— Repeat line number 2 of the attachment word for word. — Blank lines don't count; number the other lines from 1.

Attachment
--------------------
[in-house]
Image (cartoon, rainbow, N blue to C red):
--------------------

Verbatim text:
Image (cartoon, rainbow, N blue to C red):